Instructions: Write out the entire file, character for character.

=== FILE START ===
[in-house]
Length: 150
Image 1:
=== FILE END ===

[in-house]
Length: 150
Image 1: